In my day to day SEO for my clients and for myself, I’ve come across a number of tools of the trade, some really good, some, well, not so good. Here are a few items in my geek toobox that I use daily and highly recommend.
1. Keyword Tool – I have tried them all and this is the one I always go back to for my keyword research. Not only does it give you variations on the keyword phrase you are searching for, but also provides the WordTracker count and daily estimated searches on Google, Yahoo and MSN along with shortcuts to various tools like Google Trends, Keyword Discovery and several other online tools. And, you can export the thing as a CSV file. Way to go Aaron!
2. Check Server Headers Tool – Quick and easy way to check on whether your URL is being seen and followed properly by the spiders. For instance, I recently installed a WordPress plugin which appeared to work fine in a browser, but when I checked the page URLs that it produced here, I found that those pages were producing 404 errors, meaning the web surfer could see the pages, but the spiders couldn’t. Naturally, I ditched the plugin. The site also includes a batch URL processing capability (up to 25 URLs at once).
3. Web Page Analyzer – This online tool checks the speed of your site and lets you know what the download time would be at various connection speeds. Granted, most folks have broadband these days but you still don’t want a page to take several minutes to load on a 56k dial up connection. The test gives you suggestions on ways to speed up your site for visitors and spiders. Both will go away if your site is too slow.
4. Yahoo Site Explorer –Yes, Google gives you some information on sites that link to you, but not like Yahoo’s Site Explorer, which is easy to use and just requires a Yahoo login. You can filter inbound links to see internal or external linking, number of pages Yahoo sees and more.
5. Spider Simulator – Just one of many free online tools offered by this site, I jump here when I need a quick look at what the spiders are seeing. A more comprehensive spider simulator report is available in the iBusinessPromoter client software on my PC, but this online utility serves my purpose most of the time.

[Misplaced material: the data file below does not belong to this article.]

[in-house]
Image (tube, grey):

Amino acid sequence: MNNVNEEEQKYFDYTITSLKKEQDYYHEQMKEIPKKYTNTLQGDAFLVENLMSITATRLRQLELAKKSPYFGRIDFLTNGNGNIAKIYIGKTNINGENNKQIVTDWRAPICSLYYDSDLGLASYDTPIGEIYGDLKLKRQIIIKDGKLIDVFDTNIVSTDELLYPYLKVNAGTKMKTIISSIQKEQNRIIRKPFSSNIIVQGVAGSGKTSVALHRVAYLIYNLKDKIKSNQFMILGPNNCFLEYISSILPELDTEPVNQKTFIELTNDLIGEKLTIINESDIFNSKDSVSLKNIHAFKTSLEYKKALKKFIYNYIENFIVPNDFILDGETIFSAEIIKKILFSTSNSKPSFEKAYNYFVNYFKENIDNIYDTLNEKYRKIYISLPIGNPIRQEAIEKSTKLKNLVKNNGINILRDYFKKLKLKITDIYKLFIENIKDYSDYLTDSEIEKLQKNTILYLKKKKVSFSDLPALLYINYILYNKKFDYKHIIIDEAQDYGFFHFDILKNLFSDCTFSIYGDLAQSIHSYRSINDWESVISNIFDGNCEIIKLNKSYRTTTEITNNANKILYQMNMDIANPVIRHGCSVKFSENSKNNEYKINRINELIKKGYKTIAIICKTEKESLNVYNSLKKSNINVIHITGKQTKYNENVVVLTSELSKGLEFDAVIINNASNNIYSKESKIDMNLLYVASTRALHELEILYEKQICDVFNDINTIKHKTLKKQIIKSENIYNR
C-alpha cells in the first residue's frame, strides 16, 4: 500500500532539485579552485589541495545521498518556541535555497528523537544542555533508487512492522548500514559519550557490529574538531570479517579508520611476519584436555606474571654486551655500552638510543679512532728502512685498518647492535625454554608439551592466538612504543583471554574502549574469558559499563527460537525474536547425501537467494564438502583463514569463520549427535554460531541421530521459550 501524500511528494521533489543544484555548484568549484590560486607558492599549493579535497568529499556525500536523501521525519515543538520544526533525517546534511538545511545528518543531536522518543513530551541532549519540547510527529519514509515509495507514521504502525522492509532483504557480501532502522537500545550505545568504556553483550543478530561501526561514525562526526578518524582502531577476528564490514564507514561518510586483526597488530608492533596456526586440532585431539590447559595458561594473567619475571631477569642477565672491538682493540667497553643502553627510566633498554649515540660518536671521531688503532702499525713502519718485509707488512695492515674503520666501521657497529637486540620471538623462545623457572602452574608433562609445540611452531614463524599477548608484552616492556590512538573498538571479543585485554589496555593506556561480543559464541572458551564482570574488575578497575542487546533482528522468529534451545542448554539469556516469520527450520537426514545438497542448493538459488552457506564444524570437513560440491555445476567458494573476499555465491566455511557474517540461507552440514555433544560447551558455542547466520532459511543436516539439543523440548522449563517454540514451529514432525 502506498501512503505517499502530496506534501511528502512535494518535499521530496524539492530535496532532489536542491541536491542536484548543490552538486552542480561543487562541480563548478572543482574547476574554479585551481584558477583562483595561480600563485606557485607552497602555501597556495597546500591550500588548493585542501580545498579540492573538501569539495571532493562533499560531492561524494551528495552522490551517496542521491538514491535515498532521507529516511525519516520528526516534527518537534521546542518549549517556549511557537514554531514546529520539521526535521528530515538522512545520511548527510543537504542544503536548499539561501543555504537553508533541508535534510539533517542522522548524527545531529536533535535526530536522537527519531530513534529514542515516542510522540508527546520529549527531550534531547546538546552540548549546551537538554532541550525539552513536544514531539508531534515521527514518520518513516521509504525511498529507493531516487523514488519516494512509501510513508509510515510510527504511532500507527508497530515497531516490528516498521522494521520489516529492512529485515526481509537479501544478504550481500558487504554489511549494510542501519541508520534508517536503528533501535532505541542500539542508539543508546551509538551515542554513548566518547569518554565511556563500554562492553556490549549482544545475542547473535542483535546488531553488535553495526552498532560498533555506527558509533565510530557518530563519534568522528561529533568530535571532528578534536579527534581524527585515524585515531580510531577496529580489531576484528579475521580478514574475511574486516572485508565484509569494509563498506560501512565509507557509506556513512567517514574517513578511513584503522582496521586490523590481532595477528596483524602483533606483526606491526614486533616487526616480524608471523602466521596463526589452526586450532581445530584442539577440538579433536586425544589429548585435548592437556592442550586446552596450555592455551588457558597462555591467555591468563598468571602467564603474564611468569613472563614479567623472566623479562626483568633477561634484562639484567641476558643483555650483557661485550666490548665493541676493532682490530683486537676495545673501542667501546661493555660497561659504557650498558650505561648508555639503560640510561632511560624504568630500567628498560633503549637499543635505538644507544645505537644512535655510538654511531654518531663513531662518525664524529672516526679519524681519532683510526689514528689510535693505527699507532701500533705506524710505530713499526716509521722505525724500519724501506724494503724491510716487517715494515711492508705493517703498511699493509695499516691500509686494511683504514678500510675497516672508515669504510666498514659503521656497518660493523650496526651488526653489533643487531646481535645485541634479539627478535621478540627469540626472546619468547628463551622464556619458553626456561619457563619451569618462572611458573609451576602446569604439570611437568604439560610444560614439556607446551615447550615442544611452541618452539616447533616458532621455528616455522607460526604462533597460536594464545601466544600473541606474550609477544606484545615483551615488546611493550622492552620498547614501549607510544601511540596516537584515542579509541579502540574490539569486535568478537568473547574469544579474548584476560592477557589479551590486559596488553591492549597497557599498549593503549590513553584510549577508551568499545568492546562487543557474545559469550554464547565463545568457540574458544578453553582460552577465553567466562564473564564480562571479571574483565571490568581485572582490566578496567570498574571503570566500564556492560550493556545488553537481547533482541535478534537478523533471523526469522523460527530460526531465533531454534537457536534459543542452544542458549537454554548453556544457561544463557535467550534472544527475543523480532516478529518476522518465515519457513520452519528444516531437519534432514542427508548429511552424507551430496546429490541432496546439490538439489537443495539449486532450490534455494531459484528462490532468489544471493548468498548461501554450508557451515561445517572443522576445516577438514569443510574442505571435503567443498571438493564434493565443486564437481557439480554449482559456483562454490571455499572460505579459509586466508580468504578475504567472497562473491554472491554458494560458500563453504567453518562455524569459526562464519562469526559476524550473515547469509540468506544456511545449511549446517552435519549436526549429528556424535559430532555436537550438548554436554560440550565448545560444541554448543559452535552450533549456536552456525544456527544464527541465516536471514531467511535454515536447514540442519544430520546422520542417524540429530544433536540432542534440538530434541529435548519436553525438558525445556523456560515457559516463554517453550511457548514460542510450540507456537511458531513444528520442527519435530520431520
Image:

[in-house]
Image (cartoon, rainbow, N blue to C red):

6. Tweetscan – These days keeping up with what is said about you and your clients is a must. I use Tweetscan to search for references to me or my clients in Twitter for reputation management, goodwill and networking opportunities.
7. SearchStatus – This is a Firefox plugin that, among other things, allows you to highlight and see nofollow links. This comes in real handy when checking backlinks or sculpting the links on your own site. The plugin includes utilities to check backlinks, Alexa rankings and so forth, but I primarily use the nofollow highlight feature.
8. MyBlogLog – Although the community aspects of the social site are free, I do use one paid service that this Yahoo owned site offers – statistics. For about $25 per year, I can get almost real time traffic stats coming off of web sites. I can see my site traffic nearly as it happens, where surfers are coming from and where they are going. From this, I can see if there is a trend or if something is wrong on a site now, not tomorrow when my Google Analytics stats are refreshed. I mentioned this service in my post on Web Analytics. This is the only non-free tool I mention in this list, but it’s such a bargain, I had to include it.
9. Google Chrome – Though not technically a tool, Google’s first attempt at a web browser has one feature that keeps it open on one of my monitors all day – the ability to log into different Google accounts in different tabs. I keep my domain e-mail, which is hosted through Google Apps, in one tab and Google Webmaster Tools and Google Analytics for my work accounts in other tabs. Now, if Chrome would just pick up some cool plugins!
10. Google Webmaster Tools – For something that I paid little attention to when first released, Google Webmaster Tools is now also open on one of my monitors all day. It just keeps getting better. From tracking down dead URLs on my sites to testing a robots.txt file, I can locate site issues that I wouldn’t otherwise know about. Though far from perfect, it’s just about the most valuable online tool I use these days.